Write On Wednesdays Exercise 15 – Give yourself some time to notice the people around you. The people who may cross your path each day. The lady in front of you at the supermarket, the man who helps the school kids cross the road, a neighbour, a waitress in a cafe, a librarian, anyone at all. Choose one person, someone you don’t know, and this person will become the basis of the week’s writing exercise. Describe this person as you see them, describe their surroundings. Then imagine a problem, create conflict for this person. Describe the conflict. Describe how your character deals with the problem. The conflict might resolve itself, it might not. It is up to you. Perhaps, the lady in the supermarket has forgotten her wallet. Does she bursts into tears? Maybe the librarian finds a lost child. The aim is to show how your character responds to conflict and in the process, reveal something about that character. Tell us their story.
It’s been a crazy morning. The office has been buzzing with a million people needing a million things and the phone hasn’t stopped ringing. Delivery drivers streamed in and out the front door bringing with them somewhat exotic scents hinting to the fact that outside has become a hotbed of humidity. I haven’t had one second to myself today and as I look down at the time on my monitor, I can hardly believe it says 11:54am. I turn my attention to an email I have been avoiding for an hour or so and force myself to try and decipher its meaning. Hitting reply, I form as intelligent a response as I can without completely revealing that I do not understand the true purpose of its arrival in my inbox. I shove back from my desk, excuse myself and race downstairs to the sandwich bar underneath my building. As I approach the counter I see, as usual, many people milling around. There are three people who work at the front end of this place, two of them making sandwiches and one taking orders, etc. The girl who takes my order does so nearly every day. I look at her distribute change to the man in front of me and in a flash realise that I don’t know her name. I step up to the counter and smile as she recognises me and confirms my order, “Number 6?” she beams at me. I nod in appreciation and hand over my $7. As I loiter by the two or three tables and chairs they have set up in the gap next to the preperation area, fidgeting with my mobile and spying on my sandwich prep to make sure no black pepper goes on there a tall woman with big hair and huge stilettos pushes past me and announces her order. I watch as the girl who took my order looks abruptly up and notices, offering apology and a request for the order to be repeated. The woman scoffs and leans forward on the counter, repeating every single syllable of her order. The girl at the counter is looking distressed as she rings up the till. The woman asks for a Diet Coke and screams “WHAT?” as she is informed the fridge is behind her, she can get one out herself. The girl scurries around the counter and gets a Diet Coke from the fridge and holds it out, only to be met with a dry “ta”. I watch as she runs back to the counter, ready to serve the next person, her face awash with sadness. I see her struggling to keep it together as she clumsily drops a $5 note and breaks the straw dispenser. I see her workmates shooting her looks of sympathy and transmitting memories of (probably many) conversations they’ve had about horrible customers.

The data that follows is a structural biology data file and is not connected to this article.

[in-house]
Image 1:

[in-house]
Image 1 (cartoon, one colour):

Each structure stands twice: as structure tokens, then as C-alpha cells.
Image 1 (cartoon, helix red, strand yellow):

My lunch is ready. The thought jolted me back to the moment and as I took my sandwich I smiled weakly and said to the girl, “I’m sorry, I don’t know your name?”. She looked surprised and happy, and answered me, “Anna”.
Thanks again to Gill at Ink Papen Pen for hosting Write on Wednesdays.